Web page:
By now, even the secular world largely recognizes that there is a mysterious, inexplicable image on a fourteen-foot length of sepia cloth known as the Sindon or, “Shroud of Turin.” While scientists tried to shut it down once and for all during the 1980s, with radiocarbon dating (claiming it went back only to the Middle Ages), that critique conclusively has been found to have been in error (skewed by the carbon residue from a medieval fire).
Many skeptics now acknowledge the unexplainable pollen found microscopically in the fibers (pollen from plants that were exclusively around Jerusalem two millennia ago, along with spores or pollen known solely to Turkey and parts of France where the Shroud has been stored); and they also admit that the image was created with no known paint or pigment — indeed, not done with any known method.
Only the very tips of the fibers are darkened (where paint would soak to the bottom).
And there is the entirely stunning fact that details of the Shroud — which for centuries was venerated as having the vague, blurry outline of a Man believed to be Jesus — only came to discernible view with discovery of the camera, whereupon a negative of it revealed the curves and lines in full relief — overwhelming details.
It turned out — incredibly — that the Shroud is an image in negative.
A negative of a negative brings forth a positive.
The unanswerable question:
How could a negative image of a man get onto an ancient cloth, even if it had dated only to the Middle Ages, when photography was only invented in the 19th century?
And there was more — precise details on the Wounds and traces of Blood, even traces of coins that, as per the ritual in ancient Jerusalem, were placed over the eyes.
But back to the question:
How did the image get there?
And here we turn once more to the incredible book by Ian Wilson, The Shroud of Turin. Astonishingly, he reported, scientists have wondered if there is an answer to how the image was inflected or imprinted in thermonuclear explosions, for detonations of bombs, such as that dropped on Hiroshima, produced a flash that left prints on cement of shadows cast by the incredible flash of atomic light.
In other words, a nuclear flash can imprint a shadow. (At the left, you see the precise shape of a hand-valve wheel seen imprinted as a permanent shadow on the side of a gas tank following the searing light of the Hiroshima detonation.)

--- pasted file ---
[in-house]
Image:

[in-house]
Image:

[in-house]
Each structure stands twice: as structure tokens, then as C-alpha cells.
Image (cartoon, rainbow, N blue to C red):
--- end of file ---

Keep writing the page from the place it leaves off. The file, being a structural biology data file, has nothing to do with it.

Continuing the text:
“The impression is inescapable,” wrote Wilson, “that, rather than a substance, some kind of force seems to have been responsible for the [Shroud] image. Whatever formed the image was powerful enough to project it onto the linen from a distance of up to four centimeters, yet gentle enough not to cause distortion in areas where there would have been direct contact.”
It all would have happened, he noted, in “a mere millisecond of time.” The “force,” one logically speculates, was the energy generated by His Resurrection.
“It was perhaps manifestation of this power which took place at the Transfiguration, the extraordinary incident described by the three Gospel writers when, on a high mountain, the aspect of Jesus’ Face changed and He appeared in brilliant light, His clothing “dazzlingly white” and “as lightning” (Matthew 17:1-8, Mark 9:2-8, Luke 9:28-26),” Wilson noted.
One reflects on a burst of energy that in the Shroud preserves for posterity what the author called “a literal ‘snapshot’ of the Resurrection.” Let that sink in.
“However the image was formed,” says Wilson, “we may well be entranced by the fourteen-foot length of linen in Turin. For if the author’s reconstruction is correct, the Shroud has survived first-century persecution of Christians, repeated Edessa floods, an Edessan earthquake, Byzantine iconoclasm, Muslim invasion, crusader looting, the destruction of the Knights Templars, not to mention the burning incident that caused the triple holes, the 1532 fire, and a serious arson attempt in 1972 [plus a more recent fire in Turin].”
It is ironic, notes Wilson, that every building that housed it before the fifteenth century is long gone through the “hazards of time,” yet the cloth has survived “almost unscathed.”
“Frustratingly,” concludes this brilliant writer, “the Shroud has not yet fully proven itself to us — not uncharacteristic of the Gospel Jesus, Who at certain times seems almost deliberately to have made His Presence obscure, as in His post-Resurrection appearance to Mary Magdalen when she mistook Him for a gardener, and His walking, shortly after, as an unrecognized stranger with the two disciples on the road to Emmaus.
“But one cannot help feeling it has its role to play, and that its hour is imminent.”
[resources: Tower of Light]